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Davis v. Davis

November 17, 2009

NOVEL DAVIS, APPELLANT,
v.
SHEPHERD DAVIS, RESPONDENT.



APPEAL by the plaintiff, in an action for a divorce and ancillary relief, from so much of an order of the Supreme Court (Robert A. Ross, J.), dated August 15, 2008, and entered in Nassau County, as granted that branch of the defendant's motion which was pursuant to CPLR 3211(a)(7) to dismiss the second cause of action for a divorce on the ground of constructive abandonment.

Published by New York State Law Reporting Bureau pursuant to Judiciary Law § 431.

This opinion is uncorrected and subject to revision before publication in the Official Reports.

MARK C. DILLON, J.P., HOWARD MILLER, JOHN M. LEVENTHAL and CHERYL E. CHAMBERS, JJ.

(Index No. 203111/07)

OPINION & ORDER DILLON, J.P.The issue on this appeal is whether the "social abandonment" of a spouse may qualify as "abandonment" and provide a ground for the dissolution of marriage under Domestic Relations Law § 170(2). We conclude that it does not.

The plaintiff, Novel Davis, commenced this action for a divorce and ancillary relief against her husband, Shepherd Davis, by the filing of an amended summons with notice dated November 5, 2007, and a verified complaint dated January 21, 2008. The complaint alleged two causes of action, one asserting cruel and inhuman treatment under Domestic Relations Law § 170(1) and a second asserting constructive abandonment under Domestic Relations Law § 170(2). The cause of action for cruel and inhuman treatment is not at issue here.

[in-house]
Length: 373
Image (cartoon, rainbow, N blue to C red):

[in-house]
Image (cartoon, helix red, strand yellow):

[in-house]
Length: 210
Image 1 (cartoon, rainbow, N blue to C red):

The second cause of action does not contain the allegations that are customarily seen in causes of action seeking divorce based on constructive abandonment, such as, that the defendant spouse had unjustifiably and continually refused to engage in sexual relations despite repeated demands by the plaintiff spouse. Rather, the complaint alleges that the husband refused to engage in social interaction with the wife by refusing to celebrate with her or acknowledge Valentine's Day, Christmas, Thanksgiving, and the wife's birthday, by refusing to eat meals together, by refusing to attend family functions or accompany the wife to movies, shopping, restaurants, and church services, by leaving her once at a hospital emergency room, by removing the wife's belongings from the marital bedroom, and by otherwise ignoring her. The parties have been married for 41 years and they reside at the same address.

The husband filed a pre-answer motion pursuant to CPLR 3211(a)(7) to dismiss the constructive abandonment cause of action and, alternatively, moved for summary judgment dismissing that cause of action pursuant to CPLR 3212. The husband, while contesting many of the wife's factual allegations of "social abandonment," argued that the complaint fails to state a cause of action for a divorce based on "constructive abandonment." The wife opposed dismissal arguing, inter alia, that social abandonment has been recognized as a ground for divorce in fairly recent trial-level decisions rendered by the Supreme Courts in Nassau, Queens, and Westchester Counties.

In the order appealed from, the Supreme Court granted that branch of the husband's motion which was pursuant to CPLR 3211(a)(7) dismiss the second cause of action for a divorce on the ground of social abandonment and, therefore, did not reach a summary judgment analysis under CPLR 3212. The Supreme Court held that the wife's "social abandonment" allegations "do not support a cognizable legal theory." We affirm.